The improvisation begins from scratch, but in a matter of seconds White, Battin and Parsons have developed an aggressive jam that heads directly for the stratosphere. For the first three minutes McGuinn lays low, allowing White to fully cut loose, while he just enjoys the ride. When McGuinn thoroughly engages three minutes in, the merits of this outstanding mix become obvious, with White's buzz-saw Telecaster to the left and Roger's Rickenbacker sounding downright demented to the right. For the next several minutes, they venture deep into psychedelic territory. All versions of "Eight Miles High" from this era capture the group in highly adventurous form, but this version stands out for its slashing intensity. Clarence is in typically astounding form, but it is McGuinn's raunchy, just-on-the-verge-of-feedback, Coltrane-influenced improvisations that take this soaring so high. Eventually, McGuinn and White drop out allowing the rhythm section to solo. Unlike the impressive live version on Untitled, this performance does not contain a lengthy drum solo. Instead, Battin and Parsons improvise as a tight unit and the results are expressive and enjoyable. Around the 10-minute mark, White and McGuinn dive back in and within seconds the group is blazing away again. The inspired interplay continues as they begin maneuvering into "Eight Miles High" proper. McGuinn's searing leads signal the transition when, at nearly 14 minutes in, they finally get around to singing the first verse! Afterwards, the group is still burning so bright that they sail right off again, never returning to the lyric. After another minute or two, this "Eight Miles High" improvisation comes to a crashing close, followed by the band's signature outro instrumental, "Hold It," to end the set.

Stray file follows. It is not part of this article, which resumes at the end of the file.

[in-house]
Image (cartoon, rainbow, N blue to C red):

Amidst rapturous applause, The Byrds return to the stage for an extended encore. Catering to numerous requests from the audience, they first deliver the shit-kicking barn dance instrumental "Nashville West." A showcase for both White and Parsons, this features Parsons' most propulsive country flavored drumming and, as McGuinn aptly introduces it, "the dancing fingers of Mr. Clarence White." Another vintage surprise follows with one of founding member Gene Clark's finest compositions, "I'll Feel A Whole Lot Better." Originally featured on the group's debut album, this song contains several strong melodic hooks and again finds the band in strong vocal form. It is quite obvious they are thoroughly enjoying themselves and one can only wonder why this number wasn't a permanent staple of the live repertoire. Chuck Berry's "Roll Over Beethoven" follows, which particularly resonates with the English audience. A staple of The Byrds' earliest live repertoire, as well as The Beatles' (where it served to showcase George Harrison during their early years), this is performed with delirious abandon. Here The Byrds recall the passion and excitement of early Beatlemania, before veering off into a second, lengthier stab at their bluesy outro instrumental, "Hold It," which brings this thoroughly engaging performance to an end.
-Written by Alan Bershaw